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Impossible Partnerships: The Gig Economy, Zero Hours Working in the Arts and Academia
Fri 24 March 2017, 5.30pm - 7pm
FREE, registration essential via Eventbrite
James Pennethorne room
Conference Centre (New Wing)
London WC2R 1LA
The Culture Capital Exchange, in collaboration with Royal Central School of Speech and Drama, invites you to a roundtable discussion on ‘The Gig Economy – Zero Hours Working in the Arts and Academia’.
The Gig Economy has been in the spotlight recently with companies such as Uber, Deliveroo, Taskrabbit, and Amazon all coming under scrutiny for their treatment of their employees. Questions of diminished workers’ rights, exploitation, and the impacts of these features of precarious employment on social cohesion and individual well-being are therefore increasingly pertinent. Meanwhile, the Gig Economy continues to affect and displace existing models of employment by undercutting their costs and/or availability, a trend that shows no sign of abating.
Following a widely recognised ‘social turn’ in the discipline of Theatre and Performance Studies, recent work has explored relationships between theatre, labour and employment from a variety of perspectives. This session will seek to expand the interdisciplinary scope of this research by exploring a range of intersections between performance and work suggested by the phenomenon of the Gig Economy:
- How is the Gig Economy altering our understanding of work, its value, its politics, and re-shaping our experience of, for instance, time and temporality?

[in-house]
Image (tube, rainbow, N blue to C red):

- What can be learned about the Gig Economy from the work of performers (whose income and working conditions have long been precarious) and/or representations of labour in performance?
- Are there ways of using performance to reframe what we think of as ‘Work’?
- If we could, what changes to policy would we make?
- Should we accept/encourage/resist The Gig Economy in academia? If so how?
We aim to involve a variety of interested individuals who are enthusiastic about this area of research and who are keen to form a cross-disciplinary network to talk about it.
This Impossible Partnership will be led by Dr Tom Cornford, Lecturer in Theatre and Performance at Royal Central and Lydia Fraser-Ward, Creative Director at Fantasy High Street. This gathering will be of interest to early career researchers, theatre practitioners, artists, sociologists, anthropologists, film-makers, neuroscientists, economists, policy-makers, or anyone who feels that this topic deserves more consideration.
Want to know more about this topic? Have a look at these articles: Researchers as Resource, Risk Shift and The Gig Economy, Universities Accused of Importing ‘Sports Direct’ Model for Lecturers’ Pay.
Impossible Partnerships: a series of small-scale, informal, convivial meetings, developed and curated by TCCE to boost the collaborative potential of projects and topics, in order to support new networks between research and the creative sectors. Throughout the year, we map common trends among researchers and entrepreneurs, tackling topics from a variety of angles. As a result, an aggregate of collaborative networks will thrive, develop across institutions, and reach out beyond the academy.